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Families of slain University of Idaho students blast murder trial’s delay

Families of slain University of Idaho students blast murder trial’s delay

Families of the University of Idaho college students killed in an apartment house in November 2022 voiced frustration Friday after a judge this week suggested the highly anticipated murder trial likely won’t begin until 2025.

“We want to start healing, we do, we want to find justice and try to move on from this horrible tragedy so please, please, start making some decisions, get to work and quit playing the delay game,” the families of two of the four victims, Kaylee Goncalves and Xana Kernodle, said in a statement.

Bryan Kohberger, 29, was initially set to be tried in October on four counts of first-degree murder, but waived his right to a speedy trial as his lawyers attempted to have the indictment dismissed.

Legal wrangling between Latah County prosecutors and the defense only hindered a new trial date, as District Judge John C. Judge has had to consider motions, including banning cameras in the courtroom, the disclosure of certain DNA evidence and a request by the defense for a change of venue.

During a hearing on Wednesday, Latah County Prosecutor Bill Thompson said he could be ready to present his case in March 2025 for a trial lasting about six weeks.

But Anne Taylor, Kohberger’s lead public defender, suggested she would not be ready until June 2025, given the large number of potential witnesses and voluminous records.

Judge ultimately decided to push back a decision on setting a trial date to first hear arguments in May on a potential change of venue. Kohberger’s defense filed its request for moving the trial based on what it says is “extensive, inflammatory pretrial publicity” in the case.

“I’m trying to be fair and realistic about when we could really be ready for trial and I only want to do it once,” Judge said.

The Goncalves and Kernodle families, however, called the mounting delays “fool’s gold” and said they were meant to “keep the parties from making mistakes.”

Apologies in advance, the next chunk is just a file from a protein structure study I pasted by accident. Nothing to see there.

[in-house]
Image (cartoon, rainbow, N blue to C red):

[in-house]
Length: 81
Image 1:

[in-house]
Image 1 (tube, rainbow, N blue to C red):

“This illusion by everyone involved that they can control what happens is frustrating,” the families said. “A jury will hear the evidence and return a verdict. But we need to get there sooner rather than later.”

Judge in December denied Kohberger’s attempt to have his murder indictment dismissed on claims of lack of sufficient admissible evidence, prosecutorial misconduct and grand jury bias.

The slayings of University of Idaho housemates Goncalves, Kernodle and Madison Mogen, and Kernodle’s boyfriend, Ethan Chapin, in the early morning of Nov. 13, 2022, stunned the college community of Moscow, sparking weeks of speculation and thousands of tips before culminating in an arrest.

Prosecutors say Kohberger, a doctoral student at Washington State University at the time of the killings, was connected to the scene through male DNA that was left on a knife sheath found facedown on a bed next to the bodies of Mogen and Goncalves.

Genetic genealogy and garbage collected from Kohberger’s family home in Pennsylvania, as well as his cellphone use and surveillance, ties him to the crime scene, authorities have said.

Kohberger has not spoken publicly since his arrest in December 2022. A gag order was issued barring lawyers, police and other officials from making statements in the case.

How Kohberger might have known the victims or why he would have targeted them or the house remains unclear. The murder weapon, believed to be a large fixed-blade knife, has not been recovered, Moscow police have said.

His defense attorneys said they plan to corroborate through expert testimony that Kohberger was not at the home where the murders took place but gave a curious response in an alibi-related court filing in August that “he has long had a habit of going for drives alone. Often he would go for drives at night. He did so late on Nov. 12 and into Nov. 13, 2022.”

Kohberger is being held in Latah County Jail without bond.

Erik Ortiz

Erik Ortiz is a senior reporter for NBC News Digital focusing on racial injustice and social inequality.

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